Pat Metheny and The Heath Brothers: Move To The Groove. This is a disappointing release not because the material isn't good, but because it is uneven. Metheny's guitar is a bit subdued in some places, but the solos are nice, and the Heath Brothers are terrific to listen to. But the disc as a whole seems like a bit of a compilation, rather than a cohesive whole.
The first two songs, "Sassy Samba" and "Arthurdoc" are a nice collaborations of what might seem too disparate musical entities. They swing nicely and provide plenty of room for nice solos. The final, title track works the same. But in the middle are also good pieces that just don't seem to fit the disc. I really like the "Guitar Improvisation." Metheny transmits a lucid, beautiful solo that takes a piece of his composition "James" near the end. Next comes the group's take on "All The Things You Are," a classic nicely rendered.
My liner notes say that the next two songs, "Is That So" and "I Waited For You" have someone other than Metheny at the guitar. One of these songs, however, has guitar/and vocal (as instrument, not singing words) lines that remind me of some of the pieces on Metheny's fantastic Secret Story.
This is a disc that fans of Pat Metheny and/or The Heath Brothers will want in their collections. But I suspect it won't get as much play as others.
I am very happy to see that one of my favorite radio stations, KNTU, has finally gone twenty four hours a day. For years, they have gone off the air at midnight and returned at six in the morning. Now we can get more of that sweet jazz (and some interesting classical programs on Sunday) in the middle of the night/early morning (during the time I'm usually working!). I know that with the Internet, there are many good stations available playing jazz, but I am thrilled to be able to get more of the station I probably listen to most.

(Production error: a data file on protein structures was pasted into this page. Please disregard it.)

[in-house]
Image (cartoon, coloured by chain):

Speaking of Internet radio, I did run across something (through iTunes) recently that I have enjoyed: Modernera.fm. This station provided a fascinating mix of classical, new age, and ambient music that is not only relaxing, but actually works very well together. Instead of solo or chamber pieces that are called classical, but are really not, this station actually plays real classical music and seques it well with the other genres. I've not been much of a fan of ambient music, but whoever runs this station has managed to pick good material (like Fripp and Eno). I don't care for their website, as it is only a portal for the station. I'd like to see a bit more information about the music, playlists, and that sort of thing. But the station is well worth listening to.